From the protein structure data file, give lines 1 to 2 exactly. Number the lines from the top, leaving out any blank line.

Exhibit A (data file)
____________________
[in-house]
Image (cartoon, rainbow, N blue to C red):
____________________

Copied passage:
[in-house]
Image (cartoon, rainbow, N blue to C red):